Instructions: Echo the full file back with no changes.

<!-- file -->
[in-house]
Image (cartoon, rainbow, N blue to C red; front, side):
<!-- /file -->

[in-house]
Image (cartoon, rainbow, N blue to C red; front, side):